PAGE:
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Let’s End One-and-done. College Basketball Will Be Fine.

From the college perspective, ending one-and-done would present challenges, but the game has faced it all before — and it’s simply the right thing to do.

There’s one thought I keep coming back to in college sports, regardless of the issue. It applies to NIL. To the transfer portal. Now, it applies to the potential end of the NBA’s so-called one-and-done rule:

Do right by the players and figure everything else out later.

For name, image, and, likeness, that means letting players earn the money they deserve; from there, you can work out how to eliminate the bad actors. For the portal, it means to let players go where they want, when they want, and determine out how to maintain some level of continuity in college sports after.

Here, it means letting players go pro when they think they’re ready.

College basketball will be fine.

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And that’s good news considering that the NBA and NBPA are reportedly expected to agree to lower the age for NBA Draft eligibility to 18, reopening the gates of prep-to-pro that closed in 2006.

Make no mistake: college basketball was better for having Kevin Durant, Derrick Rose, Anthony Davis, and Zion Williamson for a year. Losing talent like that will bring down the overall product. It won’t, however, lead to poor ratings, empty arenas, and the end of the sport as we know it.

Would the sport have been better in the 90s and early 2000s with Kevin Garnett, Kobe Bryant, and LeBron James going to college? Of course. But instead, we got Gonzaga’s first run to the Elite Eight, Duke’s Miracle Minute, and Carmelo’s championship season. Would all that have been amazing as that above trio suiting up in college for a year? Probably not. But those are the moments we still talk about today — not how the sport desperately needed Kobe to take his talents to March Madness.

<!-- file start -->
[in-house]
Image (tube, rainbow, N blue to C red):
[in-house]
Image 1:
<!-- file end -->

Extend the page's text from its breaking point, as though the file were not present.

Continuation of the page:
It’s not hard to figure out what’s going to happen at the upper tiers of the sport if and went the NBA age limit lowers to 18. Duke and Kentucky won’t get all the truly elite freshmen; instead, they’ll get a few of them, plus a few from the next crop that are currently going to places like Virginia and Tennessee. Virginia and Tennessee will, in turn, get a couple of the kinds of players currently committing to Notre Dame and Florida, and so on.

The overall product will dip a tad — let’s lean into that and get it over with — but we’re really talking about just a handful of players per year that would conceivably go pro right out of high school, and only a few of them would have been true impact players at an elite college program anyway. One of the beauties of college sports is that, with rare exceptions, we don’t tune in for the players — we tune in for the team. And we’ll cheer as the next guy wins national player of the year. When someone becomes an All-American. Someone hits a buzzer-beater in the Final Four.

Doesn’t matter who it is.

How the athletes themselves ultimately approach all of this becomes an intriguing question. We know that the absolute best are going pro, but there’s another set of prospects that this affects — the players who come from low-income backgrounds and need to start making money to support their families. Pre-one-and-done, they could have taken their chance in the draft, tried to catch on with a team, and reserve the right to head off to Europe if an NBA future doesn’t materialize. Now, college in the age of NIL (and innovative setups like Overtime Elite) is an appealing path.

If, say, a 4-star, top-40 recruit can go to a basketball-crazed school and make thousands in NIL deals, that may be more than enough to keep him in college for a couple of extra years that wouldn’t have been on the table before.

Of course, there will still be one-and-dones — guys on the fringes of the first round of the NBA Draft who want to improve their stock, or players who were underrated and overlooked out of high school and then blow up — but there will be fewer. And that means that even in the transfer portal era, there will be more continuity in the game. Casual fans won’t need until January to learn who the top players on the top teams are. That helps the sport.

Maybe not as much as having a Zion or a KD, but it helps.

And if that comes as a result of doing right by the players, it’s all the better.

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About The Author
Russell Steinberg
Russell Steinberg
Russell Steinberg is an editor and writer at Boardroom. He came to the brand in 2021 with a decade of experience in sports journalism, primarily covering college basketball at SB Nation as a writer, reporter, and blog manager. In a previous life, he worked as a social media strategist and copywriter, handling accounts ranging from sports retail to luxury hotels and financial technology. Though he has mastered the subtweet, he kindly requests you @ him next time.